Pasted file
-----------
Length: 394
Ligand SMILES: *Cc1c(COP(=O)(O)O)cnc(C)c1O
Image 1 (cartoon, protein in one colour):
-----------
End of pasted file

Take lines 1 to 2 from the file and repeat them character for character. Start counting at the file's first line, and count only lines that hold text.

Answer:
Length: 394
Ligand SMILES: *Cc1c(COP(=O)(O)O)cnc(C)c1O